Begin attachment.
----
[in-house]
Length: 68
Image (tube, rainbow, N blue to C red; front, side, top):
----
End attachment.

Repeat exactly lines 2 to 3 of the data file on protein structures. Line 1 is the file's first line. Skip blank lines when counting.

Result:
Length: 68
Image (tube, rainbow, N blue to C red; front, side, top):